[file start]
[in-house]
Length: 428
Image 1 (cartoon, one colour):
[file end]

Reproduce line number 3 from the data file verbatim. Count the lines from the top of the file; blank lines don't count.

Image 1 (cartoon, one colour):